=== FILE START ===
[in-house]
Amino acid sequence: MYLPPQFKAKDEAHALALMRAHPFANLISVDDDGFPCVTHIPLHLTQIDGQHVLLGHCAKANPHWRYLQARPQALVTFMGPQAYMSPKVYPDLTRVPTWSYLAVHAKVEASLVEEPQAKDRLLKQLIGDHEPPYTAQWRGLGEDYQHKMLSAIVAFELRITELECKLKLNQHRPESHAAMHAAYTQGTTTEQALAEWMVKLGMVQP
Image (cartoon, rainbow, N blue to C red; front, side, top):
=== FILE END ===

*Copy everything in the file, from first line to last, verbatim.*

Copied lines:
[in-house]
Amino acid sequence: MYLPPQFKAKDEAHALALMRAHPFANLISVDDDGFPCVTHIPLHLTQIDGQHVLLGHCAKANPHWRYLQARPQALVTFMGPQAYMSPKVYPDLTRVPTWSYLAVHAKVEASLVEEPQAKDRLLKQLIGDHEPPYTAQWRGLGEDYQHKMLSAIVAFELRITELECKLKLNQHRPESHAAMHAAYTQGTTTEQALAEWMVKLGMVQP
Image (cartoon, rainbow, N blue to C red; front, side, top):